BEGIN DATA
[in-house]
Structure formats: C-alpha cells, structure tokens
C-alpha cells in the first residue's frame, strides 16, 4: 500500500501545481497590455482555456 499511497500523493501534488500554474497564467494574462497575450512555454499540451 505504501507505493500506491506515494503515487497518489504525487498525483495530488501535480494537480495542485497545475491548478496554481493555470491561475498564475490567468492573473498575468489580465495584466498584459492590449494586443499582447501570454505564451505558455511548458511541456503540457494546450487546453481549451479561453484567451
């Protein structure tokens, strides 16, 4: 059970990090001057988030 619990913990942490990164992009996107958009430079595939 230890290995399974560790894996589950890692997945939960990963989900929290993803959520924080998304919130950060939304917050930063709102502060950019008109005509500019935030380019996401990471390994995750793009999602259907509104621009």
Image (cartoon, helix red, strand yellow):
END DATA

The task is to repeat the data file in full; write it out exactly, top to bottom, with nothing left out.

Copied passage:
[in-house]
Structure formats: C-alpha cells, structure tokens
C-alpha cells in the first residue's frame, strides 16, 4: 500500500501545481497590455482555456 499511497500523493501534488500554474497564467494574462497575450512555454499540451 505504501507505493500506491506515494503515487497518489504525487498525483495530488501535480494537480495542485497545475491548478496554481493555470491561475498564475490567468492573473498575468489580465495584466498584459492590449494586443499582447501570454505564451505558455511548458511541456503540457494546450487546453481549451479561453484567451
């Protein structure tokens, strides 16, 4: 059970990090001057988030 619990913990942490990164992009996107958009430079595939 230890290995399974560790894996589950890692997945939960990963989900929290993803959520924080998304919130950060939304917050930063709102502060950019008109005509500019935030380019996401990471390994995750793009999602259907509104621009």
Image (cartoon, helix red, strand yellow):